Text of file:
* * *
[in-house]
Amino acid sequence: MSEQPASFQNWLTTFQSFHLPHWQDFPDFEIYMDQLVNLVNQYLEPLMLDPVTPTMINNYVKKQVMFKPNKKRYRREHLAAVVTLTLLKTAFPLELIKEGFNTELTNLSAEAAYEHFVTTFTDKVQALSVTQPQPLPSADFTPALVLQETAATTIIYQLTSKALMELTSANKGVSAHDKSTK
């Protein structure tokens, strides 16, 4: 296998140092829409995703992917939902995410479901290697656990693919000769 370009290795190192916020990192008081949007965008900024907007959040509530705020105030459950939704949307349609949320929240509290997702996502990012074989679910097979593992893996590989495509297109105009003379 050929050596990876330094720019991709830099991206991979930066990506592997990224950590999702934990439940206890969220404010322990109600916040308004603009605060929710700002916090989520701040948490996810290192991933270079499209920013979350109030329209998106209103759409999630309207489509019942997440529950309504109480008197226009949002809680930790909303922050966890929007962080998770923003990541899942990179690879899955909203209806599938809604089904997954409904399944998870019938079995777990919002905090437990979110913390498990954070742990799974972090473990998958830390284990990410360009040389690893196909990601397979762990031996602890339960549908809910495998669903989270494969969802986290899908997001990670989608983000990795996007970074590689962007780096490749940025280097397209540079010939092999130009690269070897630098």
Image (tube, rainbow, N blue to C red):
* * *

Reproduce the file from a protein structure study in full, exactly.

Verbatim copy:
[in-house]
Amino acid sequence: MSEQPASFQNWLTTFQSFHLPHWQDFPDFEIYMDQLVNLVNQYLEPLMLDPVTPTMINNYVKKQVMFKPNKKRYRREHLAAVVTLTLLKTAFPLELIKEGFNTELTNLSAEAAYEHFVTTFTDKVQALSVTQPQPLPSADFTPALVLQETAATTIIYQLTSKALMELTSANKGVSAHDKSTK
């Protein structure tokens, strides 16, 4: 296998140092829409995703992917939902995410479901290697656990693919000769 370009290795190192916020990192008081949007965008900024907007959040509530705020105030459950939704949307349609949320929240509290997702996502990012074989679910097979593992893996590989495509297109105009003379 050929050596990876330094720019991709830099991206991979930066990506592997990224950590999702934990439940206890969220404010322990109600916040308004603009605060929710700002916090989520701040948490996810290192991933270079499209920013979350109030329209998106209103759409999630309207489509019942997440529950309504109480008197226009949002809680930790909303922050966890929007962080998770923003990541899942990179690879899955909203209806599938809604089904997954409904399944998870019938079995777990919002905090437990979110913390498990954070742990799974972090473990998958830390284990990410360009040389690893196909990601397979762990031996602890339960549908809910495998669903989270494969969802986290899908997001990670989608983000990795996007970074590689962007780096490749940025280097397209540079010939092999130009690269070897630098």
Image (tube, rainbow, N blue to C red):